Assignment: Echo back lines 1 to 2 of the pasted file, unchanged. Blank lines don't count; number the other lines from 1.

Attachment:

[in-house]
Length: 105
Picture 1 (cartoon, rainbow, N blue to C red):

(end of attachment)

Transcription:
[in-house]
Length: 105